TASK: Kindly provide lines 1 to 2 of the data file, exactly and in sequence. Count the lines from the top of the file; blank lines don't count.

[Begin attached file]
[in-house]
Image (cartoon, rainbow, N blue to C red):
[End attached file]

[in-house]
Image (cartoon, rainbow, N blue to C red):